GUATEMALA CITY—The 15th annual Apparel Sourcing Show held here May 16–18 and attended by 4,725 people underscored the widely held belief that Central America is a region in transformation.

Take the case of Koramsa S.A. , a Guatemalan firm that is the largest blue-jean maker in the region.

The vast company, whose plants sprawl across two treeshaded campuses, and at one time had so many workers it could have been classified as a small town, drastically slashed its workforce late last year after launching a reorganization plan in September.

Koramsa has whittled production down from 750,000 to 250,000 pairs of denim pants a week and now employs 7,800, a reduction of about 8,200 employees from two years ago.

“We are making sure we become more demand driven rather than supply driven,” said Carlos Arias, who recently was promoted from Koramsa’s executive vice president to president.

“We want to concentrate on value-added features and speed to market. When you are chasing product you are too vulnerable.”

The reorganization has resulted in Koramsa no longer making blue jeans for San Francisco–based Levi Strauss & Co. , which at one time was Koramsa’s No. 1 client, accounting for 90 percent of the Guatemalan firm’s production. Last year, Levi’s represented about 20 percent of Koramsa’s business.

These days, San Francisco–based Gap Inc. is Koramsa’s No. 1 client, accounting for 40 percent of its business. The Guatemalan blue-jean maker is working closely with Gap to help with product design and innovation. A team of Gap designers recently traveled here from the United States to work at Koramsa’s El Naranjo campus, where studios are set up so visiting clients can work closely with the blue-jeans maker to develop a trendy product that flies off store shelves.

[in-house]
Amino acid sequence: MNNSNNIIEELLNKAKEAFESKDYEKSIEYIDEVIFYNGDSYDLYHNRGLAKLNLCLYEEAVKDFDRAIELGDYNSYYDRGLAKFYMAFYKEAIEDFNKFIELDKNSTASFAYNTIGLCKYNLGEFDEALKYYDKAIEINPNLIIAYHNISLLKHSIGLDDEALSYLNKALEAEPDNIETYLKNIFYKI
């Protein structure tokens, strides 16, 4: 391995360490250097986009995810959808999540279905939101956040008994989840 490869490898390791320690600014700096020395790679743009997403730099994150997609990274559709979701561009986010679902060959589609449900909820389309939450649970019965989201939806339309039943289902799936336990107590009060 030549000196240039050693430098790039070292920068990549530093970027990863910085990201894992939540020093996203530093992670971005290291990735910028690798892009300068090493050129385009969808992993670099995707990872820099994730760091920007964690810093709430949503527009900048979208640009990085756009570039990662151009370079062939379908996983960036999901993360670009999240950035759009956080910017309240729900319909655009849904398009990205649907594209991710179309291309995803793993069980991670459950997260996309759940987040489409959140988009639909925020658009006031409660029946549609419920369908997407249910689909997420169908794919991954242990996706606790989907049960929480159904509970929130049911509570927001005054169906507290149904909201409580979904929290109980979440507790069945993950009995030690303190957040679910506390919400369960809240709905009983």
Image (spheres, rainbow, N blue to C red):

“The longest part of the cycle [of making blue jeans] is not production but the development of the product and its approval,” Arias said.

Koramsa also has veered toward working with some large American retailers. New Albany, Ohio–based Abercrombie & Fitch is a relatively new client that makes up 25 to 30 percent of the company’s production. Making goods for Menomonee Falls, Wis.–based Kohl’s Corp. and New York–based Calvin Klein jeans, fills in the rest of Koramsa’s business.

Koramsa, which had $230 million in revenues last year, is embarking on a new venture with Minneapolis-based Target Inc. to make blue jeans under the Mossimo label.